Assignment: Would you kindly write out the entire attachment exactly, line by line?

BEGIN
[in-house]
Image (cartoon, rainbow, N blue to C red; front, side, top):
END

[in-house]
Image (cartoon, rainbow, N blue to C red; front, side, top):